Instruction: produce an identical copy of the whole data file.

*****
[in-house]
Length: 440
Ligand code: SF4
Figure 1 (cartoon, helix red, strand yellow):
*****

[in-house]
Length: 440
Ligand code: SF4
Figure 1 (cartoon, helix red, strand yellow):